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Thunderbolts #124

Posted: Tuesday, September 30, 2008
By: Shawn Hill

Christos N. Gage
Fernando Blanco
Marvel Comics
Plot: Another gleeful issue of carnage as the Thunderbolts, under the bloodthirsty leadership of Norman Osborn, show the Skrulls what it means to take on Americans in their capital city. Even criminal ones.

Comments: There's nothing too deep here, and it's really sort of a holding pattern until new talent comes on board, but Gage and Blanco get the job done with the Thunderbolts (due to the peculiar logic of their formation) providing one of the few competitive edges in the turf war against the Super Skrull Invasion. Norman, in his own way, is as effective as Nick Fury and his medications seem to be helping him focus.

He also knows his crew of mind-damaged screw-ups all-too-well. After a cathartic massacre of several varieties of Spider-dupes (do not try to psych out the Goblin, aliens) he’s on to their nefarious game with the other players. He talks Penance back to semi-sanity, aims Venom at the right targets, tries to keep a handle on Bullseye, and knows he can rely on Moonstone’s self-interest in all cases.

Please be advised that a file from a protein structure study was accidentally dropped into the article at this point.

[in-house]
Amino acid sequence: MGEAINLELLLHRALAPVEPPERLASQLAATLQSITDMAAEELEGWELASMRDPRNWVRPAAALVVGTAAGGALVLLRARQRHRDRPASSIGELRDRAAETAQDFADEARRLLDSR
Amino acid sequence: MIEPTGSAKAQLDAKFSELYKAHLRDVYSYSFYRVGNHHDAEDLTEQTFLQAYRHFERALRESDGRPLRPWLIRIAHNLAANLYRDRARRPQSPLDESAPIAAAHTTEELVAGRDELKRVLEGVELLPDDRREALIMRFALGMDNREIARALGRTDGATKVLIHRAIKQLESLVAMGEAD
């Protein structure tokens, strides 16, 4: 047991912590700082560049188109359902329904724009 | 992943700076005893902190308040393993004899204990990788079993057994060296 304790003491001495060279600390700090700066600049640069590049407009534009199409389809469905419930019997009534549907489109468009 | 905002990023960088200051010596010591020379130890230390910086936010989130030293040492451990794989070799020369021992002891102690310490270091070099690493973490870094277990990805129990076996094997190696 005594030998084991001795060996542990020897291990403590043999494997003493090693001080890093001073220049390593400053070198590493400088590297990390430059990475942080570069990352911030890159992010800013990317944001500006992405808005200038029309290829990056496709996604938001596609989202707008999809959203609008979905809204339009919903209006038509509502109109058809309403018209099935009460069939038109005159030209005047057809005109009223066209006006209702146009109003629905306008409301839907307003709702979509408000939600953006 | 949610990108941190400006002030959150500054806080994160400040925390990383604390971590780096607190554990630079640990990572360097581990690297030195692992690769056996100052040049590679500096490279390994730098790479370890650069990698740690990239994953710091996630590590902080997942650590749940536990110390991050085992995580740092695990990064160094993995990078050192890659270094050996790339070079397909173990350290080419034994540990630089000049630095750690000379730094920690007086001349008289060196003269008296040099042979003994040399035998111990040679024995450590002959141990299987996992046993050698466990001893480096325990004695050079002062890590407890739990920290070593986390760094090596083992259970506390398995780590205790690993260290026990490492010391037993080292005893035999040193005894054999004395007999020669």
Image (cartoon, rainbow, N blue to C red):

That self-interest gets the surprisingly non-Skrull Andrea Strucker killed again, which is the main disappointment of the issue. Just trotting her in as a red herring to keep her brother in line is an anti-climax, but Gage and Blanco keep their cynical tone in place as they show Norman conniving (and of course lying) to the Swordsman.

Moonstone’s immateriality power comes in handy on several occasions, though somehow her costume gets a bit more ripped each time she solidifies. As the least inspired one she’s ever worn, it looks better in tatters.

The final image, where Norman poses next to a very important monument, is beyond heavy-handed, but the ambiguous message about government control of super-humans is a welcome one. The remnants of Civil War may have become muddled in the chaos of the Invasion, but not so much in this book, where chaos is something all the characters live with daily, even if mostly in their own minds. I don’t know where this book will head in the future, but so far it’s keeping up the Ellis/Deodato tone quite well.



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